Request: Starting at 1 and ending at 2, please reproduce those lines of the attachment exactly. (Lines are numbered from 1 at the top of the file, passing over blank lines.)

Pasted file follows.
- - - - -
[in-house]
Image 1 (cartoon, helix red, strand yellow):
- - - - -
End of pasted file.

[in-house]
Image 1 (cartoon, helix red, strand yellow):